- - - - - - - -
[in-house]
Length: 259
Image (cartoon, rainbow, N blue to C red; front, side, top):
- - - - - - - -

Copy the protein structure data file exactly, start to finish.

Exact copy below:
[in-house]
Length: 259
Image (cartoon, rainbow, N blue to C red; front, side, top):